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NCTA president Kyle McSlarrow today issued an extended rebuttal to charges from consumer watchdog group Free Press that TV Everywhere initiatives stemmed from collusion among cable programmers and distributors to stifle competition in the online video market. Based on a report it issued entitled TV Competition […]

NCTA president Kyle McSlarrow today issued an extended rebuttal to charges from consumer watchdog group Free Press that TV Everywhere initiatives stemmed from collusion among cable programmers and distributors to stifle competition in the online video market.

Based on a report it issued entitled TV Competition Nowhere: How the Cable Industry Is Colluding to Kill Online TV, Free Press called for an investigation by federal antitrust agencies and Congress into the anti-competitive nature of TV Everywhere programs.

Arguing that the cable incumbents are using TV Everywhere as a way to “preserve the current market structure and prevent disruptive competition,” the group also chides the industry for not including online-only distributors of content. “By design, this plan will exclude disruptive new entrants and result in fewer choices and higher prices for consumers,” the report claims.

In arguing against Free Press’ claims that TV Everywhere would lead to less online video competition, McSlarrow writes that the group has things entirely backward, and that the initiative “is an effort to ensure more content than ever is distributed over the Internet at no extra charge to consumers.” But more importantly, the NCTA prez called the claims of collusion hooey, saying “the TV Everywhere concept involves a multitude of competing program networks, most of which distribute their content on competing cable, satellite, telephone and online platforms.”

Of course, given all the different stakeholders it’s difficult to see how the different operators could have colluded, especially since each of them has different plans for what their TV Everywhere service is going to be like. Rather than put the power in the hands of the incumbent cable operators, McSlarrow argues that the online distribution of content on TV Everywhere is decided by content programmers that make the decisions about what is put online and how. “So, Free Press is really complaining about the decisions content owners make as to how their content should be distributed,” he writes.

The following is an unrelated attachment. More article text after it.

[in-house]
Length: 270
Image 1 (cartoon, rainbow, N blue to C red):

While McSlarrow spoke up for most cable operators, Time Warner issued its own statement to refute Free Press’ claims: “Time Warner is committed to providing consumers who subscribe to cable, satellite, telephone or other multi-video platforms with more value for their money, by allowing them to watch their favorite shows when they want to watch them on both their TVs and over the Internet at no additional charge. That is what TV Everywhere is, and it is quite plainly beneficial for consumers. We will also continue to pursue many other ways to distribute in a safe and secure way over the Internet our content to people, whether or not they subscribe to a video service.”

  1. Free Press advisor Ammori is on-point with his observation of this as an anti-trust violation. Amazingly members of the coalition, Free Press and Media Access Project have failed to realize there are career-level staff employees in FCC’s Media (formerly Cable Services) Bureau that for years have assisted cable operators effectively exercise “anti-trust” actions in thwarting programmers attempting to take advantage of commercial leased access.
    One glaring example was when the bureau totally ignored language in FCC rules that say operators are to place leased access content on a channel ‘used by most’ subscribers and decreed it was permissible to put leased access on any digital channel as long it serves more than 50 percent of the total subscribers. The result has been cable operators now offer local businesses advertising opportunity to be on their own local origination channels instead of their competitor’s leased access channel often reaching at best maybe 65 percent of the subscribers. Many leased access programmers use Internet TV where the shows can be viewed by anyone with adequate broadband service making ‘Net Neutrality’ vital to competing with the cable giants’ IPTV content.
    NCTA has the Media Bureau, they really don’t need any other help

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  2. I just donated some money to Free Press. :)

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